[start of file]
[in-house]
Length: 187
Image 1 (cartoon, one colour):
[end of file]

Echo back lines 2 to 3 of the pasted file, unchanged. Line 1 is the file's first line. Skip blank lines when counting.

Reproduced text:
Length: 187
Image 1 (cartoon, one colour):